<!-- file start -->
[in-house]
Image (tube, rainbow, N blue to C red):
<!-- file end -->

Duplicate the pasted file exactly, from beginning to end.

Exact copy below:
[in-house]
Image (tube, rainbow, N blue to C red):